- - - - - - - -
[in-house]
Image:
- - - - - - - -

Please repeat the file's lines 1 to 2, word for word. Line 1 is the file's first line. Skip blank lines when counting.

[in-house]
Image: